Lights Out Night Light

Intro: Lights Out Night Light

It's time for bed. You get up to turn off the lights for the night, and after you flip the switch, you realize you have the pitch black journey back to the safety of your bed ahead of you. Lucky for you, night lights were invented, and you've come to the right place to find one! But... how you can fall asleep when that pesky night light is on through the night illuminating your room? In addition, aren't you tired of this empty darkness causing your night lights to remain on and waste energy? Well, you are STILL in the right place, because we have exactly what you need!

We want to brighten your life by helping you make a sustainable night light.

In this tutorial, we are going to walk you through the process of building a night light that will turn off with a timer. The system will be able to recognize when the main light is turned off, via a light sensor, and turn on the light for a user-set time, and turn off after that time elapses. This night light is different than other night lights because it waste energy by remaining on when you are asleep and don't need it. This project uses two types of boards, Basys 3 and Arduino, and a light sensor.

Creators: Luke McDaniel, Erik Ramazzini, Monica Negrete, Hayley Young

Step 1: Materials and Software

Materials

  • Basys 3 Artix-7 FPGA Trainer Board

https://store.digilentinc.com/basys-3-artix-7-fpga...

  • Arduino Uno Rev3

https://store.arduino.cc/usa/arduino-uno-rev3

  • Breadboard

https://www.amazon.com/Elegoo-EL-CK-002-Electronic...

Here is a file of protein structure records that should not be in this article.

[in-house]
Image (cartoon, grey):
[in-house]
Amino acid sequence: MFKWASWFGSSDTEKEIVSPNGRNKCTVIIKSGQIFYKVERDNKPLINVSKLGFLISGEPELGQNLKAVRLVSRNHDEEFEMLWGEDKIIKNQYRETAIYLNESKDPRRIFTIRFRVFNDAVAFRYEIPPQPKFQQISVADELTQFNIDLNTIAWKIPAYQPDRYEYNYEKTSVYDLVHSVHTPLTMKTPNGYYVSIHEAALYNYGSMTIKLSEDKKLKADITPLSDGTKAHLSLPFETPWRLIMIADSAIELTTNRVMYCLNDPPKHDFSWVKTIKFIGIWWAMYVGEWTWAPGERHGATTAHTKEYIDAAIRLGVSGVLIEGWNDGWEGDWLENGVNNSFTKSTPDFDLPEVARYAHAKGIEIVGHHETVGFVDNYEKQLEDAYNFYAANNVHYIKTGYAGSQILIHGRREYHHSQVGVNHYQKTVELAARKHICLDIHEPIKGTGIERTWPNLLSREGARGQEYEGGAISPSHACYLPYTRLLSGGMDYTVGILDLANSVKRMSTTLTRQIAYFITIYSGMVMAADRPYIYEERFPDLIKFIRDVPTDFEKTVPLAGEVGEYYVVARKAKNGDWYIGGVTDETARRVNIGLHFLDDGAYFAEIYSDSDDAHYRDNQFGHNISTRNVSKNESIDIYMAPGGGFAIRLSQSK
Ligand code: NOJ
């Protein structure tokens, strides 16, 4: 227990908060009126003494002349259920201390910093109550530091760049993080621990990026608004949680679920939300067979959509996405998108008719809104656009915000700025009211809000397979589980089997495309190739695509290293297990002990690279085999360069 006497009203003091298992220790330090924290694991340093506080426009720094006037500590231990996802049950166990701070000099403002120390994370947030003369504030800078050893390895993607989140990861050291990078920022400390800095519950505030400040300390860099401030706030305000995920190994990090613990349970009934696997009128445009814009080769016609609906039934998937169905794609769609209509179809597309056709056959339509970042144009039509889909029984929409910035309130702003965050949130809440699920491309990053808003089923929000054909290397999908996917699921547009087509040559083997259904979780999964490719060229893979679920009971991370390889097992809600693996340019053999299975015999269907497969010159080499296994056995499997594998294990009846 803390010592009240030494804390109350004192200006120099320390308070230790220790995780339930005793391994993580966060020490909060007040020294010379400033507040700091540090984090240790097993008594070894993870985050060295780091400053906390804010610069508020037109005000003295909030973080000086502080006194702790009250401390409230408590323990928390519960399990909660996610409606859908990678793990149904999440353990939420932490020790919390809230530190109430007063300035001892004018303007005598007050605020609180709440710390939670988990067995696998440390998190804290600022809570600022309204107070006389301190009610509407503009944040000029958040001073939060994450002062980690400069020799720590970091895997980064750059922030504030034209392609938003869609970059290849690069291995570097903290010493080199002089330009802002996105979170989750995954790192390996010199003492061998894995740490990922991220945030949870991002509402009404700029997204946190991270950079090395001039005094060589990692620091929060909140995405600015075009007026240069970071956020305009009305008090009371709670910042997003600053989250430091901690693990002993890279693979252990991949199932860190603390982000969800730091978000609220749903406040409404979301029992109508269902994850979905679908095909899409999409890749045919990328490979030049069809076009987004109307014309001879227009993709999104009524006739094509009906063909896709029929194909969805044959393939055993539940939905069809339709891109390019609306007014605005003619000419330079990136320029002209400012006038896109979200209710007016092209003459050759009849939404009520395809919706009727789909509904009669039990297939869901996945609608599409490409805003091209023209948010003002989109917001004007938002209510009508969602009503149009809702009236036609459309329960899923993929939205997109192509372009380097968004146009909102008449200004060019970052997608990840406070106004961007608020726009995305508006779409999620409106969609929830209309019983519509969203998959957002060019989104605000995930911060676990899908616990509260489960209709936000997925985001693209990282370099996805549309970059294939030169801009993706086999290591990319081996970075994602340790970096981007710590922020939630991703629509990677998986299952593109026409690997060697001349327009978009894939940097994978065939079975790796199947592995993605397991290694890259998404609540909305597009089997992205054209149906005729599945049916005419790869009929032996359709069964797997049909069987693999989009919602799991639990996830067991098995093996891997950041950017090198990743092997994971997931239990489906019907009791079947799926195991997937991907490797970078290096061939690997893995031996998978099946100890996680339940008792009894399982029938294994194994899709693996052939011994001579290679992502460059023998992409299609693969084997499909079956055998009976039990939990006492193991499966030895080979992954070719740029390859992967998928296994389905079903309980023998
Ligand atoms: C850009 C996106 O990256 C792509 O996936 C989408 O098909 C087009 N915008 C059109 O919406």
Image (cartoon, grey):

• 10k Ω Resistor

Same link as breadboard

  • Jumper Wires

Same link as breadboard

  • Light Sensor (Mini Photocell)

https://www.sparkfun.com/products/9088

Software

  • Vivado HL WebPACK Edition (Attached PDF includes instructions)

    https://www.xilinx.com/products/design-tools/vivad...

    • Arduino IDE

      https://www.arduino.cc/en/Main/Software

      Step 2: System Architecture

      The next step is to understand the system architecture. We created a black box diagram and a finite state machine (displayed above) in order to organize the structure of our design before getting into the logistics.

      Overall Design

      Inputs

      • Light Sensor: determines amount of light in the room

      Outputs

      • Anodes: determines which 7-segment displays will be used

      • Segments: displays the timer

      • LED: displays night light conditions of ON or OFF

      Arduino

        Input

        • Light sensor signal: analog value of amount of light in the room

        Output

        • Light Input (1 bit): signal that determines the room's light condition

        Basys 3

          Input

          • Light Input (1 bit): signal that determines the room's light condition
          • Switches
          • CLK

          Output

          • Anodes: determines which 7-segment displays will be used
          • Segments: displays the timer
          • LED: displays night light conditions of ON or OFF

          Step 3: Hardware and Arduino Code

          Hardware

          In order to understand the Arduino code, we must understand the hardware the code is interacting with. The circuit on our breadboard includes a photocell, a light emitting diode, and multiple wires and resistors to complete it. The circuit starts by sending power to the photocell, which then reads the amount of light surrounding it. This information is transferred to the analog pin, A0, which makes it readable for the Basys board. The Basys board then takes this information, starts counting, and sends a signal for the LED to turn on.

          Arduino Code

          The Arduino code itself communicates with the Basys board by sending it a signal when the light surrounding the device is darker than a specified threshold. This signal triggered by a dark room with lead to the LED will turn on. We found through experiment that the average threshold for our specific photocell in dark rooms is 30 - 60. Every photocell has a different amount of sensitivity, so other photocells may have different thresholds. In our published code, we made the threshold 100 for demonstration purposes.


          Step 4:

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